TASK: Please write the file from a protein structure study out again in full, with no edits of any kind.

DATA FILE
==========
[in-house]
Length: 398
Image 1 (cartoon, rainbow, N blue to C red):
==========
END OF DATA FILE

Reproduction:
[in-house]
Length: 398
Image 1 (cartoon, rainbow, N blue to C red):